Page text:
Liquidity management has become an increasingly important factor for financial institutions following the 2008 financial crisis. To institute new controls, regulators have focused on a bank’s liquid assets and standards for measuring liquidity levels have been focused around cashflow mismatch risk (CFMR) and liquidity coverage ratios (LCR) implemented throughout various regulatory acts and guidelines. The newest wave of regulations and standards has caused significant changes in the process for liquidity management. The UK Prudential Regulation Authority’s (PRA) July 2017 consultation paper is one of the most recent publications addressing this topic. Its proposed guidelines are currently open for comment until October 13.

    CFMR for Daily Liquidity Management

    CFMR has been a main focus for financial institutions in the UK. In its most recent consultation paper released in July 2017, the UK’s PRAdiscusses CFMR for liquidity management in more detail. The July 2017 paper titled, “Pillar 2 Liquidity – CP13/17” focuses on CFMR as one aspect of three Pillar 2 risks identified in its 2016 paper, “Pillar 2 Liquidity – CP21/16.” The 2016 paper introduces developments around risks for intraday liquidity, debt buyback and non-margined derivatives.

    CFMR is a measurement that focuses on daily liquidity management. It assesses a firm’s daily liquid assets and seeks to monitor the daily granularity and liquidity mismatches. In the PRA’s July 2017 consultation paper, it lays out the methodology for calculating CFMR which takes into account daily profiles of inflows, outflows and liquid assets. CFMR specifically focuses on the following: low point risk which ensures adequate daily liquidity throughout a full measurement period, HQLA monetization risk which details the monetization of assets, cliff risk which can lengthen the timeframe for asset liquidity and FX mismatch risk which considers asset liquidity in terms of international liquidation.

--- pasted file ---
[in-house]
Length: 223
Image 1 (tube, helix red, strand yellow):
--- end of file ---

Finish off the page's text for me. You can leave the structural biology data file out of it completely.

The PRA is also proposing that CFMR require additional reporting requirements. This reporting would be submitted with a new liquidity reporting template associated with PRA110.

    LCR for Short-Term Liquidity Management

    LCR is an important part of the liquidity guidelines outlined by Basel. The LCR ratio is also commonly being used around the globe for worldwide liquidity management and controls. The LCR examines liquidity controls over a short-term period of approximately 30 days. It currently applies to banking institutions based on the levels of assets on their balance sheet.

    To determine the LCR, banks identify the amount of highly liquid assets on their balance sheet. They then measure that against the projected net cash outflows versus inflows over a 30-day period. Banks must have 100% coverage of projected outflows from their highly liquid assets to comply with LCR requirements.

    Various regulating agencies have incorporated new standards for LCR including the U.S. Federal Reserve. The PRA’s July 2017 consultation is one of the latest industry releases on the topic of LCR. It proposes required reporting for banking LCR which provides transparency and accountability for 30-day liquidity management.

    Effects on Market Liquidity Management

    Liquidity measures such as CFMR and LCR have increasingly been used across the globe to better manage liquidity and provide for greater transparency. LCR has been the market leading measurement guiding analysis of liquidity across the market with its determination of 30-day liquidity credibility. Government agencies across the globe including the U.S. Federal Reserve and the UK’s PRA have been leading advocates for this analysis. Recently the UK’s PRA also introduced CFMR which analyzes banks’ liquidity coverage on a daily basis, requiring that they have sufficient liquidity to cover daily transaction activity.

    Overall, the increased regulation around liquidity management has increased the level of transparency and accountability required by financial institutions. It has also significantly increased the amount of reporting documentation and testing required by banks. The increased focus on liquidity has also caused banks to be more conservative in the types of assets they have available for collateral which has influenced a number of market activities for which they are specifically involved including securities finance. The current trend in the market supports increased levels of liquidity oversight similar to the introduction of CFMR by the PRA. In general, broader accountability and transparency around liquidity management is expected to continue.